A digest of investment opinion from the world's leading financial advisers.
Taking a cautious approach to investing has paid off handsomely for Jean-Marie Eveillard. The manager of the $200 million SoGen International Fund hasn't had a single losing year in the past decade, during which his portfolios compounded an average 20 percent annually. Eveillard is particularly cautious about stocks now since he believes "there's too much debt around today. The 1990s will pay for the credit binge of the 1980s." He recently reduced U.S. stock holdings to just 30 percent of his portfolio.- If U.S. stocks falter, international equities could pick up the slack. Vanguard World International Growth Fund's Richard Foulkes, who's made 28 percent annually on his investors' money over the past five years, thinks this will be the case. Foulkes looks for countries where economic trends are most favorable to growth. Then he buys under-followed, smaller-cap growth companies that look the cheapest in each marketplace. Here are Foulkes' recent favorite countries, and stocks: Japan (Canon, Hirose, Joshin Denki); Switzerland (AluSuisse, BBC Brown Boveri, Merkur); the Netherlands (Otra, Sphinx).
- Most fast-food segments are saturated, labor-intensive and lack menu flexibility, according to Morgan Keegan, the Memphis-based brokerage house. But so-called casual dining outlets suffer from none of these problems and should benefit substantially as diners adjust their spending practices downward in the face of the looming recession. M.K. considers four "casual dining" stocks particularly undervalued: Cracker Barrel, O'Charley's, Ryan's Family Steakhouse and Showbiz Pizza.
- The Middle East crisis is going to punish corporate earnings this year. But as usual, some companies will buck the major trend. United & Babson Investment Report (101 Prescott St., Wellesley Hills, MA 02181) recently recommended nine stocks with prospects of sharply higher 1990 earnings despite the general market's malaise: Boeing, Chevron, Circus Circus, General Mills, Nucor, PepsiCo, Reuters, Wal-Mart, Warner-Lambert.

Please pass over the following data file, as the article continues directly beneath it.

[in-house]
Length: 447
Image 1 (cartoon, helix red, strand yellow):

- The fading of tax-favored status for exploration projects in Canada is just one subtle factor favoring gold prices, says Gold Stock News (P. O. Box 3073, Barrington, IL 60010). "Nevada has also boosted income taxes for mining companies and heap leaching isn't acceptable to environmentalists. The resultant higher costs mean many mining projects will be shelved. The closing of marginal mines bodes well for the relatively few players who will remain."
- Some good opportunities are opening up for investors seeking short-term tax-free income, says Forbes' Ben Weberman. "Just ask your broker to find a long-term municipal bond callable in the next few years. In most cases the yield will be nearly two percentage points above the current market rate - without the usual risk of holding long-term bonds. With interest rates considerably lower than a decade ago, borrowers are exercising their call rights to refinance at the lower rates.
- Investors with less than $10 million should buy no-load mutual funds rather than hire a personal money manager, says David Kudish of Chicago-based Stratford Advisory Group. "Between transaction costs, management fees and custodial costs, you're talking 3 percent a year to have an active manager. And you have no diversification. You have only one equity style, one bond style. Why not have a series of no-load mutual funds?"
Investor's Notebook reflects the opinions of professionals. It does not endorse specific investments, and no endorsement is implied or should be inferred. For more information, contact the individual firms cited.